In 1989, Pat Blanco walked into an Office Depot in Miami to buy photocopy paper and immediately recognized the appeal of the store. The selection of merchandise was far better than what she had seen at other office-supply stores, and so were the prices. A few more visits to the store and a trip to the public library to read up on the company convinced her that Office Depot was a winner. In August, 1990, she bought 200 shares at $14 each. After a two-for-one stock split, she bought an additional 100 shares, and now her total investment is worth nearly $18,000.
Office Depot Inc. is just one of a dozen stocks in Blanco's self-managed individual retirement account. By her own reckoning, the account earned a 55% return for the three years ending Dec. 31. That comes to 15.7% a year, vs. 10.8% for the Standard & Poor's 500-stock index and 8.9% for the average equity mutual fund. In fact, it was a bad experience with a mutual fund that made her take charge of her own investments. Says Blanco: "If anybody is going to lose my money, it's going to be me."
Despite some snappy returns, Blanco is no financial whiz. Nor does she have any formal training in the subject. The Miami resident is a registered nurse with a master's degree in public health who runs her own consulting firm, Healthcare Risk Control. And as the mother of a 13-year-old son and 7-year-old daughter, she has little time to track down investment ideas through data bases or research reports. So her ideas come largely from day-to-day encounters, such as Office Depot and Walt Disney Co., from watching Wall Street Week or The Nightly Business Report, or through business contacts.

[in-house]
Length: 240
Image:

Of course, these casual observations are just a starting point. Blanco next checks the Value Line Investment Survey, which includes data and ratings on 1,700 companies. What she's looking for is a red flag. "If Value Line says a stock is a bad idea, I don't buy it," says Blanco.
DOCTORS' ADVICE. Blanco also leverages her work time into investment time. She often visits with doctors, helping them to reduce their liability risks and insurance costs. "If I hear that a company is producing a good drug for cancer, when I'm in an oncologist's office, I ask, `What do you think about drug XYZ?"' says Blanco. "If he says he has used it and is getting good results, I'll consider it. [This research] is not very scientific, but it works for me."
Playing on her professional expertise, Blanco invested in HealthInfusion Inc., which provides in-home care to the infirm. She had worked for its managers in an earlier venture and thought highly of them. Besides, she adds, "home care is the future of health care." Her investment is down by one-third, but she's holding on. In addition, she thinks the company is a takeover candidate.
Is that an inside tip? Nah. From reading the business section of her local newspaper, Blanco learned that W.R. Grace & Co. had agreed to acquire Home Intensive Care Inc., a competitor. You don't have to be an investment banker to know that makes HealthInfusion a potential takeover as well. You only have to be an astute investor.